Right, then, let’s talk about money. It’s a subject that’s bound to come up sooner or later when someone says “Let’s do the Verdi Requiem”. Because, let’s face it – whatever happens, it’s not going to be a cheap concert.
First of all, the work requires a large, romantic, orchestra. That means you need a pretty decent sized choir (so they can be heard) not to mention four generously-lunged (read “expensive”) soloists. And that means you’re looking for a large venue. And that’s before you think about the music hire costs.
I think it’s fair to say that the initial reactions of the Leatherhead Choral Society committee to my suggestion of the Verdi spanned a wide range, but, bless their cotton socks, they didn’t shoot it out of the water and the more they thought about it the more it seemed like we might, just be able to pull it off provided we could find the right collaborators who were prepared to shoulder some of the financial responsibility, and provided we all had enough support from our choirs.
I’ve recorded elsewhere in my bloggerings how lucky we were to forge a great relationship with the other choirs, who quickly became completed equal partners in the venture, and also the wonderful lady who conducts two of them and who immediately got excited about the project when she was first approached, gosh, almost exactly a year ago now.
The biggest expenses are of course the venue and the orchestra, but by using a reduced orchestration (about which more in my next bit of bloggery) we’ve managed to tame the second item somewhat. However the work still demands a top-notch band, perhaps even more so since each player is relatively more exposed than in the original version, and we are very lucky to have obtained the services of a very fine orchestra, the English Festival Orchestra (founded by Trevor Ford), which knows a thing or two about playing for choral concerts being effectively the house bands for, among other things, the Leith Hill Musical Festival and The Really Big Chorus concerts in the Albert Hall.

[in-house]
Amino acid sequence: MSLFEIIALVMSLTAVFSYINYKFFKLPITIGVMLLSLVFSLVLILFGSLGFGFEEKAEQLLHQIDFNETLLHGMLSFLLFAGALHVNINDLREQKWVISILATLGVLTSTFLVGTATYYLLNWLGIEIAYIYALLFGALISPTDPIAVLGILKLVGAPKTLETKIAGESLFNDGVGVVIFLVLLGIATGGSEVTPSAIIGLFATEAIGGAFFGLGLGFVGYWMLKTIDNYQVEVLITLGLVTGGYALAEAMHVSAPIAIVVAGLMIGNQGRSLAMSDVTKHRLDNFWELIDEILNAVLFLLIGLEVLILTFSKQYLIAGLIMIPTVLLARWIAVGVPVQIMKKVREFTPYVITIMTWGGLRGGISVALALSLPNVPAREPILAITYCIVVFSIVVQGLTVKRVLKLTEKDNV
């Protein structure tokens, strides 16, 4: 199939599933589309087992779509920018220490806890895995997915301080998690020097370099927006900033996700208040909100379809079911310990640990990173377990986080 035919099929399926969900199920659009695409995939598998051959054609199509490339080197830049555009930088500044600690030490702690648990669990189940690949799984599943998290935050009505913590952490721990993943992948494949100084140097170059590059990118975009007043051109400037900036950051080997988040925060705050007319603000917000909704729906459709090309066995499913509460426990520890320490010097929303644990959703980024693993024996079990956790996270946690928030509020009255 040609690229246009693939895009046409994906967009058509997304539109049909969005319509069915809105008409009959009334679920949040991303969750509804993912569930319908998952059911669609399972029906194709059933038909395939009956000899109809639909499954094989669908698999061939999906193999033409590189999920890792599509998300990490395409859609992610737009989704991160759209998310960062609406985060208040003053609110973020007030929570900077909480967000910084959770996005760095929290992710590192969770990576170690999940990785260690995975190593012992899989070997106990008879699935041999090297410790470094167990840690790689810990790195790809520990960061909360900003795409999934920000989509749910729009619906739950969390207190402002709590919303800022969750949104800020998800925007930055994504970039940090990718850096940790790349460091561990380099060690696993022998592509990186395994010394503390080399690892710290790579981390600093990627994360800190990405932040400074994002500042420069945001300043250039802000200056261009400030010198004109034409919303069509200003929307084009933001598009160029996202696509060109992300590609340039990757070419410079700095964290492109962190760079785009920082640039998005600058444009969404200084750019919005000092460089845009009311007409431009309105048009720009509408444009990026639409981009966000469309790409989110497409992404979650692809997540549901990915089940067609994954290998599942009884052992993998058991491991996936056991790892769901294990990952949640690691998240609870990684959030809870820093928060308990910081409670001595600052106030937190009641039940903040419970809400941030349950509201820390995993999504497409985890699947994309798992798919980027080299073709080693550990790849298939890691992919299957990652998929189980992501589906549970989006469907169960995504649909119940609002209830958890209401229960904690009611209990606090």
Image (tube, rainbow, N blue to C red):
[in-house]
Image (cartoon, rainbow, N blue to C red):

The treasurers of all four choirs have spent ages poring over spreadsheets to come up with a really tight budget, so that we could answer some basic questions like: “what should the ticket price be?” and “how many tickets do we have to sell to avoid complete financial ruin for our choirs”. It seems like we’re going to need to sell between 2 and 3 tickets for every person in the combined choirs, which seems like a reasonably ambitious, but not totally ridiculous target, being the sort of proportion we would hope to achieve on a normal concert. Looking at it that way seems to make it seem a lot less scary than just stating the total number of tickets.
By the way – for another overview of the project, do check out my blog on the wonderful ChoirPlace website.